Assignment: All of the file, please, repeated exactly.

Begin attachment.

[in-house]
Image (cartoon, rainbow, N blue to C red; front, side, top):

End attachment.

[in-house]
Image (cartoon, rainbow, N blue to C red; front, side, top):